The Denialist Party is not satisfied with undermining America’s national security and technological leadership; their political operatives are now undermining our churches—private organizations in a capitalist democracy—by saying that they should not “insert themselves” where they don’t belong by spending money so that they can learn how to protect mankind from the ravages of climate change.

    First the Denialist Party went after our EPA and our scientists, but now the denialists are attacking our churches because the people are wanting to hear the best scientific opinions about climate change.

    When bad things like terrorism and tornadoes happen in America, our government and our churches save us, not the Libertarians.

  37. 137
    Snapple says:

    The Denialist Party’s Pat Michaels thinks that the Catholics should not spend money learning about climate change, but he appears on the Kremlin-financed, English-language satellite channel Russia Today and trashes the UN because they made a few mistakes in a huge document. He appeared in March 2010, before Russia burned down.

    Pat Michaels complains—on this Kremlin-financed propaganda channel—that the UN is not independent and is trying to “order people around.”

    http://rt.com/news/un-climate-new-panel/

  38. 138
    SecularAnimist says:

    Snapple and Georgi Marinov, may I humbly suggest that in the absence of an agreed-upon objective definition of exactly what is meant by the term “God”, that discussions about whether Nobel Laureates or the Catholic Church believe in “God” or whether science can address the existence of “God”, are basically noise.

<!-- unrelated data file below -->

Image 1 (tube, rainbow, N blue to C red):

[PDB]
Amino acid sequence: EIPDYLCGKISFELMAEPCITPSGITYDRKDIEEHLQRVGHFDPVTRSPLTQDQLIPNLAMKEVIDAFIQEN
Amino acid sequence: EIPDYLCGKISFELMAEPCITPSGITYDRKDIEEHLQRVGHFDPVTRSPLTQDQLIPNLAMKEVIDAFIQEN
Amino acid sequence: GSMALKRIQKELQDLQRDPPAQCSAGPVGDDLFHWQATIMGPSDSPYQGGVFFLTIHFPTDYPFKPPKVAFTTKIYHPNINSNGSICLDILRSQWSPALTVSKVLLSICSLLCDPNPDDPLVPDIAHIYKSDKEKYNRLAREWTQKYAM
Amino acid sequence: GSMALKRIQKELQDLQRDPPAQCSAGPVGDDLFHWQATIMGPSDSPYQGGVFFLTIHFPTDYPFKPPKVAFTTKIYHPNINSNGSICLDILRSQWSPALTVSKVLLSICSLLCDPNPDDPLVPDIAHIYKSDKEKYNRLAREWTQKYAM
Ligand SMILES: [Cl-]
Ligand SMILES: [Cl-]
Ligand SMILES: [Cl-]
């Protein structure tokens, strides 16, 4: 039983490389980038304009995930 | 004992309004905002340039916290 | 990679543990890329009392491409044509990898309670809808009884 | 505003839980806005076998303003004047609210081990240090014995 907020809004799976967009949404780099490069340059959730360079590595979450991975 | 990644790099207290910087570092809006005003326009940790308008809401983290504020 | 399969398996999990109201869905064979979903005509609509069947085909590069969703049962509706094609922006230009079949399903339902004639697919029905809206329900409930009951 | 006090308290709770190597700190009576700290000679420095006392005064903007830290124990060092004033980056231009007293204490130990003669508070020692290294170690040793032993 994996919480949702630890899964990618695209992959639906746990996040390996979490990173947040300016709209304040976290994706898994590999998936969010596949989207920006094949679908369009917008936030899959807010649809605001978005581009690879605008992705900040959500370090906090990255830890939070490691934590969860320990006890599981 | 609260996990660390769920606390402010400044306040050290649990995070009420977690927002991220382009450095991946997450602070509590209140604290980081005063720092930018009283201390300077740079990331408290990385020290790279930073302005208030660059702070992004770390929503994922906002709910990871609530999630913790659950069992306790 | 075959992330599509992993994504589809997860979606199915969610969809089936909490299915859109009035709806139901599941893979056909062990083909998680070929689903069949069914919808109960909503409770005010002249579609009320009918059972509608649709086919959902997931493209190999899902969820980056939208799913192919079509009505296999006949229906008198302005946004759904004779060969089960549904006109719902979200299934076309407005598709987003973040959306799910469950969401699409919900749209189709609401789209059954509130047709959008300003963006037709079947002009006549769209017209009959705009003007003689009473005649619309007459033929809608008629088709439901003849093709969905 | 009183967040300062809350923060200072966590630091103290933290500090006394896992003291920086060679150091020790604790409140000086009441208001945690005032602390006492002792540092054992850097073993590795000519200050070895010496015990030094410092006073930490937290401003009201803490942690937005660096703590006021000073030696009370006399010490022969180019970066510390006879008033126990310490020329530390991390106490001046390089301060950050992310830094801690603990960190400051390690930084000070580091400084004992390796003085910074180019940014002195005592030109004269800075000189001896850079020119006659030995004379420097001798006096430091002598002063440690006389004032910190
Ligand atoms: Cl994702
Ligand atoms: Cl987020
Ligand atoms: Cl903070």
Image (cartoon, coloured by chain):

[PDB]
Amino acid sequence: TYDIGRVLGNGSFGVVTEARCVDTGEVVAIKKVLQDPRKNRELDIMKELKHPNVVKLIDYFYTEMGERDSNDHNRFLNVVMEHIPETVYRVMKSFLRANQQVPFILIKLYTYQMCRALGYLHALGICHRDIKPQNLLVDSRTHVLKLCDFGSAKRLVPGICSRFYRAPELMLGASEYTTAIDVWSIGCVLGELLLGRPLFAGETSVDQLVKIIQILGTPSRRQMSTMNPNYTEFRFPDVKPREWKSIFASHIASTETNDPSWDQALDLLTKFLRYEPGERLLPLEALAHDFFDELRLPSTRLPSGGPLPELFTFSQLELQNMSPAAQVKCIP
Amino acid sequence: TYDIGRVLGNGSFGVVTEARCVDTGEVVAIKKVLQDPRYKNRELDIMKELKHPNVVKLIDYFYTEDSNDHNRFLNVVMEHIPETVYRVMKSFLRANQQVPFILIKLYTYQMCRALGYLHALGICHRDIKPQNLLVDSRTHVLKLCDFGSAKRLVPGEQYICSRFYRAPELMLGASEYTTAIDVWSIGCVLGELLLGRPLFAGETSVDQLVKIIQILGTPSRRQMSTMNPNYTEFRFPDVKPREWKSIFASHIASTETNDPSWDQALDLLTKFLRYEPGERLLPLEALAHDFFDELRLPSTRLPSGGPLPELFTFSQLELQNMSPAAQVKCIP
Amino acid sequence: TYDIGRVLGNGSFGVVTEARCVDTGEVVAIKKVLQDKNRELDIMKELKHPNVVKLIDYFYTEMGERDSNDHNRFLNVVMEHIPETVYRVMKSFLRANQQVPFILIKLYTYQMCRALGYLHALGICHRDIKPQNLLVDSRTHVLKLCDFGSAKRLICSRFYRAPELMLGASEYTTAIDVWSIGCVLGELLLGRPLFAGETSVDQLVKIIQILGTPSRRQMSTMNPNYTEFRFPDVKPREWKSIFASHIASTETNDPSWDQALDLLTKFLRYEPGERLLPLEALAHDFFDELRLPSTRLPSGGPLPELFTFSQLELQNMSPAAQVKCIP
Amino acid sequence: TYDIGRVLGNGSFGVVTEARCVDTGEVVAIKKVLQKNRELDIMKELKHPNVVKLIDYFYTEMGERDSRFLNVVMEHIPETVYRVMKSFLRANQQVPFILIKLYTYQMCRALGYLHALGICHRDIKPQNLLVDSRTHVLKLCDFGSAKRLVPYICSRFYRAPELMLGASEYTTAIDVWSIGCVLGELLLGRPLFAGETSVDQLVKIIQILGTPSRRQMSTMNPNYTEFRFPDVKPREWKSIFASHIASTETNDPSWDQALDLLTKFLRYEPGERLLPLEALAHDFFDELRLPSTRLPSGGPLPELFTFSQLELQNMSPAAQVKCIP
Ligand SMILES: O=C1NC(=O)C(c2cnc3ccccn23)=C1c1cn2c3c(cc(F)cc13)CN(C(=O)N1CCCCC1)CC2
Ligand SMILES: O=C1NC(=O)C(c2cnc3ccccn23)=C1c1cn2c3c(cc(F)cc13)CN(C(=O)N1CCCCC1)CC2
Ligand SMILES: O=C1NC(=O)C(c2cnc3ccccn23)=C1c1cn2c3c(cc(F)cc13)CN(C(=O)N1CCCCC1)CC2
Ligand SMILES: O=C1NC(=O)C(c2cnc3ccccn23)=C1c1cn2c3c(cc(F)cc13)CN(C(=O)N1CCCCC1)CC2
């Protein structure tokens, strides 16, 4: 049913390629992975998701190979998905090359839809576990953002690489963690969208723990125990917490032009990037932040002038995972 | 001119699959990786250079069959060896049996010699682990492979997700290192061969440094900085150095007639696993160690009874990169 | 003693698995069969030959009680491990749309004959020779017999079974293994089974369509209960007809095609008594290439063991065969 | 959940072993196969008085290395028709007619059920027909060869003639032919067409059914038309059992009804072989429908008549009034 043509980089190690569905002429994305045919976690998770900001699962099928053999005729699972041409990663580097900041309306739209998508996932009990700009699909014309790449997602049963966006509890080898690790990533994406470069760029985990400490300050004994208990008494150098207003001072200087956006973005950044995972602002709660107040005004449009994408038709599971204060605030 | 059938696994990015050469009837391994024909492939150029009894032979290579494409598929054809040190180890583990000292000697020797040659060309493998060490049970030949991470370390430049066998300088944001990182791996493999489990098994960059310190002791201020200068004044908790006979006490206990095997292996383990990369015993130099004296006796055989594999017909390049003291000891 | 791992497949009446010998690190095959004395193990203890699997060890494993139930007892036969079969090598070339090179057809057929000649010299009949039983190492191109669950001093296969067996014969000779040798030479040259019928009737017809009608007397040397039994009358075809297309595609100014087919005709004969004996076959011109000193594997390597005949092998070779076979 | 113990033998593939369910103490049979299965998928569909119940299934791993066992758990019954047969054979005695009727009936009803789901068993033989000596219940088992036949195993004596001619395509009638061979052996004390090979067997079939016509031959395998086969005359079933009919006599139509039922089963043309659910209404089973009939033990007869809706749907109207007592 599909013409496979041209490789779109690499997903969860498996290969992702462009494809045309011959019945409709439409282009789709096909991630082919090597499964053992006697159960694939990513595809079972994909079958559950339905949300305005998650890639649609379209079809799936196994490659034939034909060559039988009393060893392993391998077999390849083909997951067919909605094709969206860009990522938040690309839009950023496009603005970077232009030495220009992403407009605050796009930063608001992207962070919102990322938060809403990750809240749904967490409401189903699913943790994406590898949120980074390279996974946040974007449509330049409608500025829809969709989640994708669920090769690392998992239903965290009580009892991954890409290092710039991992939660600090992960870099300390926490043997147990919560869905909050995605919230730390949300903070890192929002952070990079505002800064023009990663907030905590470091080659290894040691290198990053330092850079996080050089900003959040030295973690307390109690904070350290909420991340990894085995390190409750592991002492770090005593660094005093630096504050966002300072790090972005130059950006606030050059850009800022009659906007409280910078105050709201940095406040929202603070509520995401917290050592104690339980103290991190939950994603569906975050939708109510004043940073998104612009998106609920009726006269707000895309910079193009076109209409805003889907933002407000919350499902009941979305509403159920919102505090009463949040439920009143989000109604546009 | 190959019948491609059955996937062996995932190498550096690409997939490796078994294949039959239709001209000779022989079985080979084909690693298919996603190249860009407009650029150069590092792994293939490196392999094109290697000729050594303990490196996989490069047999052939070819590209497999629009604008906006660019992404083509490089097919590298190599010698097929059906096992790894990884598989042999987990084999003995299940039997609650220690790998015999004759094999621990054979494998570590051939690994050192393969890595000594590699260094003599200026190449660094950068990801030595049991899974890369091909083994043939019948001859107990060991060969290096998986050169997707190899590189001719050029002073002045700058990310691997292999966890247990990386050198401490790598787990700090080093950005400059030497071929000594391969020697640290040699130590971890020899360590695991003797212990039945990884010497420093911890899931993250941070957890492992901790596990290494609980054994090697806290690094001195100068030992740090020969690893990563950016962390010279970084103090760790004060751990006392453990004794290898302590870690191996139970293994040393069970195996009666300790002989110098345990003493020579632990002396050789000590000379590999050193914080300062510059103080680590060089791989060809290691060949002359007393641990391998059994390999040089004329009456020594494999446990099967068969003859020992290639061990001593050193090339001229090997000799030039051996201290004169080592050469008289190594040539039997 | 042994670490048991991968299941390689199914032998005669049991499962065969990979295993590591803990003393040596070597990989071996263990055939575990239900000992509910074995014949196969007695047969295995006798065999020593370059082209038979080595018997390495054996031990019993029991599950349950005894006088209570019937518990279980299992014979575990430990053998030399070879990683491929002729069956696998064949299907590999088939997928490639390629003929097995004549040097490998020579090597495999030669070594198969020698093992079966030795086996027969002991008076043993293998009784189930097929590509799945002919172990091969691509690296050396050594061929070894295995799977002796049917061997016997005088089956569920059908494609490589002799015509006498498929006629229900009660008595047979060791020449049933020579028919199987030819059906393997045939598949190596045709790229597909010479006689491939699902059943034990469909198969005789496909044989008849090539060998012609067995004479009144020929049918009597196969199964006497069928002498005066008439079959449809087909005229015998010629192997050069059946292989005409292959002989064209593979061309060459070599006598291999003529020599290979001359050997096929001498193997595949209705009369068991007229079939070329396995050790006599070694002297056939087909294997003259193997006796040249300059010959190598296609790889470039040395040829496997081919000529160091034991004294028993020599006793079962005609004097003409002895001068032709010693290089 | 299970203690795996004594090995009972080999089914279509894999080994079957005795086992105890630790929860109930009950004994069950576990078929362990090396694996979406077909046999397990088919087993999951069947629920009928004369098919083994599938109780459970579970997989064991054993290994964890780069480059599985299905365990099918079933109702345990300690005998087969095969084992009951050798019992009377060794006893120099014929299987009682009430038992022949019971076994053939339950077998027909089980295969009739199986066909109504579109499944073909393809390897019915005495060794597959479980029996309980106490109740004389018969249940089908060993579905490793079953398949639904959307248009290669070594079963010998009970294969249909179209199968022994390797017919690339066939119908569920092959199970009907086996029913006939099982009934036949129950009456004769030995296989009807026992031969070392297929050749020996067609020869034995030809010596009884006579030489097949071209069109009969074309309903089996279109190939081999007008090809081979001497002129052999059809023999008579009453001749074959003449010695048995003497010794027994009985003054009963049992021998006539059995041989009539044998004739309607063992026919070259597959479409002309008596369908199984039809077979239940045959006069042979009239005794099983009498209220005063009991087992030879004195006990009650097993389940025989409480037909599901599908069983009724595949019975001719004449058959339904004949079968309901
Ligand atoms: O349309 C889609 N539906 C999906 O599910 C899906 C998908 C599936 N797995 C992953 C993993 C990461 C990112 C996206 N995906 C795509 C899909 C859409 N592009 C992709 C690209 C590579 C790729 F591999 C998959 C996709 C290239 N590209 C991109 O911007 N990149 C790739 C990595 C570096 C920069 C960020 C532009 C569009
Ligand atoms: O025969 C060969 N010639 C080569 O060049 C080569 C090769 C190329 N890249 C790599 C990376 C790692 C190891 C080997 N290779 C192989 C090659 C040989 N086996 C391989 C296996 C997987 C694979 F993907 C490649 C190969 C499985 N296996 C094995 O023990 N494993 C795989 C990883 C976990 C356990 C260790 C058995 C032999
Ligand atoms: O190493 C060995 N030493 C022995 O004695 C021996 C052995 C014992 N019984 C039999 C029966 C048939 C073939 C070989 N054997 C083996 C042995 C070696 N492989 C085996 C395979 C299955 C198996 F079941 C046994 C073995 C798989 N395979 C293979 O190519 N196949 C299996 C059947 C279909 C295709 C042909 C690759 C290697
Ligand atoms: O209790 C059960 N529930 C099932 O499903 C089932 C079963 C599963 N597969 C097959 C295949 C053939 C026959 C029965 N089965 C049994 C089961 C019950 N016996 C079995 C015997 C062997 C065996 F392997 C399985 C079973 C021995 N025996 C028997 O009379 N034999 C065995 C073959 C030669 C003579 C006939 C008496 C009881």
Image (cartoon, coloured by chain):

39. 139
    ccpo says:

    ccpo wrote: “I believe Annie Leonard was correct when she said in a talk at Bioneers that it is time to simply move on without these people.”

    Be sure to tell the US Senators and Representatives who “those people” have bought and paid for, that it is time to simply “move on” without the millions of dollars in bribes, excuse me, “campaign contributions” from the fossil fuel corporations. I’m sure they will get right on it.

    Comment by SecularAnimist — 23 May 2011 @ 11:03 AM

    Defeatist. I do not believe the solutions we need will come from the top down, nor can they. All the solutions are local, and by becoming local we create the solution. You need no governmental intervention to:

    * grow your own food
    * not go to a movie theater
    * set up a tool library in your neighborhood
    * set up a time bank in your neighborhood
    * set up a food co-op
    * build a solar air heater with bottles or cans
    * compost
    * vermiculture
    * go outside and talk with your neighbors about the important issues of the day
    * set up a neighborhood council
    * set up a time bank in your neighborhood
    * learn to grow food sustainably
    * plant edible forest gardens to draw down carbon and feed your neighborhood
    * advocate for a steady-state economy (read Steve Keen and Nicole Foss)